Friday, June 25, 2010
There were card companies springing up every hour in those days. Honestly, you'd go across the street to the bakery for a peanut-butter cookie and they were all in back, dreaming up the Classic Confections set.
Of course, 99.99999965 percent of them were better off taking their money and placing it into something more predictable, like a roaring fire, but there was no reasoning with these people. They were convinced that every aspect of life short of breathing could be made into a collectible card set, and had they been able to flesh it out beyond the Inhale All-Star and the Exhale Rookie, they would have slapped Breathing Trading Cards ("the official card set of the respiratory system!") into Mylar, too.
I admit my guilt in the whole scheme. I was a consultant to the trading-card industry, helping to foist these experiments in high-tech cardstock and spot-UV coating onto a market that looked like Victor Buono in the old Batman episodes, minus the harem.
We didn't go out looking for clients in those days. They would accost us on the street. Babies would reach out of their Burleys and grab us by the collar, begging us to do the Famous Pacifiers set. Ministers would stop their sermons halfway through a parable that involved open sores, look us straight in the eyes and say, "Now there's a card for you." The money was good when the checks didn't bounce, but we blew it all on dark glasses. And moats.
We spent most of our time in those days looking at some of the most preposterous budget numbers ever produced by an entity that does not involve elected officials. Someone would come to us with an idea to make, oh, the Classic Plumbing Fixtures set, and their costs would be $800 for printing and $250 for advertising, with sales of 1.2 million packs at $1.25 each.
"Are you insane?" we would tell them, for free. "You're not going to print 10 million cards for eight hundred dollars!"
"But all I've got is $1,250," they'd say, at which point we told them politely to buy a tapir. "It's a far better investment," we'd tell them. "Keep it for a year, sell it for $80, $90. And they eat ants."
The card business in those days was the Official Home of Bad Ideas Marketed Badly. And prominent on that list was the Little Sun Famous Sportswriters set.
Little Sun was actually one of the more successful makers of almost-sports cards, which meant they had further to go before the money ran out. There's a Little Sun High School All-Star Baseball set which includes the very first card of Manny Ramirez, but it's worthless because it's Little Sun. A Kodak Instamatic picture of a blur that might be Manny Ramirez playing a sport that could be baseball, or tetherball, would be worth more than a Little Sun Manny Ramirez -- so naturally, I have one.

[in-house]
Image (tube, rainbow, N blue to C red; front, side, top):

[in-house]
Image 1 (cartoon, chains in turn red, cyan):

The line was that these cards were limited to a run of 2,000 sets, which meant there were firm orders for about a dozen. And you can cut that figure by around 11 for the Famous Sportswriters set.
Let me say at this point that Red Smith is an absolute idol. Ed Zern, Stanley Woodward, Jimmy Cannon, Bill Heinz -- love them all. They are truly an inspiration. Grantland Rice is a bit over the top, but he hung around with Ty Cobb in the days before they took the cocaine out of Coca-Cola, so there you go.
In every way I was an ideal target to buy the Little Sun Famous Sportswriters set: I was relatively young, had disposable income to burn, knew the writers, loved their material, and was active in the trading-card market. So of course, Little Sun sent me a set for free and knocked down the number of potential customers to zero.
The other thing they missed -- and this is the fatal flaw in the brainiac that was Little Sun -- is that what I want to do with famous sportswriters is read their stuff, not read someone writing badly about their stuff. What they look like is below tertiary, because these are people who spent their lives breathing cigar smoke and drinking antifreeze filtered through bread. Except for Frank Deford, who could pass for Don Ameche when there was a Don Ameche to pass for, the quality of the sportswriter was inversely proportional to their appearance, on a scale that featured Erin Andrews on one end and everyone in this set on the other.
So what we have here is bad writing about good writers who are also homely people. And also, I should mention, largely dead. Put onto a set of trading cards that were printed for $100 and sent forth with a marketing budget of $37.50.
The idea that this set might sell is as ridiculous as the idea of Tom Cruise as a Nazi general. You knew that at the crucial moment, when the bomb was about to explode and kill Hitler and save the Fatherland and bring glory to all right-thinking Wagner-lovers everywhere, he would come skidding onstage in his underwear and sing Bob Seger songs.
Therefore, it should come as no surprise that the Famous Sportswriters set hit the market like a cow dropped from a plane, with Little Sun following soon after.
It's a pity, in a way. If Little Sun were still around it might be convinced to do a Famous Sportswriters 2 set, only nobody really writes about sports the way they used to. The antifreeze is gone to heck, and the bread's got seeds in it.